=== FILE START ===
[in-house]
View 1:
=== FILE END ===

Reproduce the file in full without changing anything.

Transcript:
[in-house]
View 1: